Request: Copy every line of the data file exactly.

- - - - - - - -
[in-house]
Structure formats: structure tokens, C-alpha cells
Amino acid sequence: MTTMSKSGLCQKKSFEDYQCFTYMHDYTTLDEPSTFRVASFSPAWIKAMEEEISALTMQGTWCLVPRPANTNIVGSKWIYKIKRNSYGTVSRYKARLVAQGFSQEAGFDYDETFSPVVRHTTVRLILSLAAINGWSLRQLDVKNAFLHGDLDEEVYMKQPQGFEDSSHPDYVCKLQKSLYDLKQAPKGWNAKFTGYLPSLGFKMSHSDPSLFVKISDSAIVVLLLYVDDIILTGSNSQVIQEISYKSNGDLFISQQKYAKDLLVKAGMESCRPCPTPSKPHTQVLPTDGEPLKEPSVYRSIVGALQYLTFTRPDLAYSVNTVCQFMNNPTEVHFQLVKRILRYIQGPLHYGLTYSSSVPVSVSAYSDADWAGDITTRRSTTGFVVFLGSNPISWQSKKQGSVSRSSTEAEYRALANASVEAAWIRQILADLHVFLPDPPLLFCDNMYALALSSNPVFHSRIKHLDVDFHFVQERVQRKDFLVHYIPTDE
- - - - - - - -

[in-house]
Structure formats: structure tokens, C-alpha cells
Amino acid sequence: MTTMSKSGLCQKKSFEDYQCFTYMHDYTTLDEPSTFRVASFSPAWIKAMEEEISALTMQGTWCLVPRPANTNIVGSKWIYKIKRNSYGTVSRYKARLVAQGFSQEAGFDYDETFSPVVRHTTVRLILSLAAINGWSLRQLDVKNAFLHGDLDEEVYMKQPQGFEDSSHPDYVCKLQKSLYDLKQAPKGWNAKFTGYLPSLGFKMSHSDPSLFVKISDSAIVVLLLYVDDIILTGSNSQVIQEISYKSNGDLFISQQKYAKDLLVKAGMESCRPCPTPSKPHTQVLPTDGEPLKEPSVYRSIVGALQYLTFTRPDLAYSVNTVCQFMNNPTEVHFQLVKRILRYIQGPLHYGLTYSSSVPVSVSAYSDADWAGDITTRRSTTGFVVFLGSNPISWQSKKQGSVSRSSTEAEYRALANASVEAAWIRQILADLHVFLPDPPLLFCDNMYALALSSNPVFHSRIKHLDVDFHFVQERVQRKDFLVHYIPTDE